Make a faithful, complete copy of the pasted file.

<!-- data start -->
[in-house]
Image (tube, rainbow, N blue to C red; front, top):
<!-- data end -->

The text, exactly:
[in-house]
Image (tube, rainbow, N blue to C red; front, top):